Since 2009, they have been one of the defining elements of Russian soft power in Eastern Europe. Their biker rallies and mass rides through countries like Ukraine, Estonia, Serbia, Romania and Bosnia serve to promote Slavic pride and Russian patriotism in Moscow’s former Soviet dominions. President Putin has often joined them on these rides, although he usually plays it safe by choosing a three-wheeler.

In 2012, when he came to Ukraine on an official visit, he spent several hours riding around the Crimea with Zaldostanov and the Night Wolves while President Yanukovych was kept waiting for him in Kiev. (Since his ouster, Yanukovych has clearly not won any more respect from the Russian President. At a press conference on Friday in the Russian city of Rostov, where he has fled to escape charges of mass murder in Ukraine, Yanukovych said that Putin has so far refused to meet with him. He expressed surprise that the Russian President was “remaining silent” on the crisis in Ukraine.)

(MORE: Inside Crimea, pro-Russian stronghold in Ukraine.)

Putin’s ride with the Night Wolves in 2012 took him to the city of Sevastopol, which many Russians consider holy ground. Along with the Russian city of Volgograd (known as Stalingrad in Soviet times), Sevastopol saw some of the most intense battles between the Red Army and the forces of Nazi Germany during World War II. “Every cobblestone in this city is covered in the blood of our fathers and grandfathers,” Galina Reznik, the wife of a Russian marine in Sevastopol, told TIME last week during a pro-Russian rally in the central square. Among Russian veterans and, more broadly, for the Russian state, that history has bestowed a special status on the city, one that goes a long way toward explaining the ferocity of Russia’s defense of Sevastopol throughout the years, and most recently during this year’s revolution in Ukraine. It is not only the home of a strategic military base, but a memorial to an earlier generation’s sacrifice and a site of potent Russian nationalism.

“So whatever happens, we cannot give up this city,” says Anatoly Ponomaryov, a retired vice admiral of the Soviet air force and a Sevastopol native who fought in World War II. “These new leaders who have come to power, some of them have threatened to put us on our knees and seal us off with razor wire.” Such concerns seemed badly overblown. Though the revolutionary government in Kiev does include nationalist forces who are against the Russian military presence in Ukraine, the new Prime Minister has pledged to guarantee the rights of all Crimean residents. “I want to appeal to the people of Crimea,” Arseniy Yatsenyuk said in his first speech to parliament as Prime Minister on Thursday. “We will ensure stability, and no one will ever divide Ukraine.”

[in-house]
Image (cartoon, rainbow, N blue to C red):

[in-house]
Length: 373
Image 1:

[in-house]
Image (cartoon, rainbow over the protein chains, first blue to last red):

But that was not enough to calm the region’s ethnic Russians, nor certainly to calm the Night Wolves. “We have one goal here,” Zaldostanov tells TIME on Friday night, a few hours after arriving in Sevastopol. “We are here to defend our country, or at least the parts of it that remains ours. We will defend it from the fascists who have come to power. So let it be known to all of them. Wherever we are, wherever the Night Wolves are, that should be considered Russia.”

In his view, “Russia” would include a swathe of Ukraine reaching far beyond the Crimea. On Saturday morning, the Night Wolves are organizing a massive motorcycle column that will ride from the northeast of Ukraine all the way along its eastern edge, covering nearly all of the Russian-speaking regions of the country. By evening, they will end up in Crimea, where they plan to deliver various supplies, including “means of self-defense,” to the ethnic Russian militias on the peninsula. Although Zaldostanov declined to elaborate on what these items would be, he said “they will be enough to make the Russian people here believe that the motherland has not forgotten them.”

And what about the troops now patrolling Crimea? Are they not enough to calm the local Russians? Zaldostanov, like the Kremlin, pleads ignorance over the troops’ identity, insisting that the real threat comes from the nationalists who have come to power in Kiev. “I don’t know who those troops are,” he says. “If they are fascist troops, then we have to think about how we are going to defend ourselves against them. If they are not, then I don’t see anything bad about them being here for the sake of stability.” His understanding of stability is clearly not shared by Ukraine’s new leaders. For them, the Night Wolves’ version of stability would mean a nation torn in half.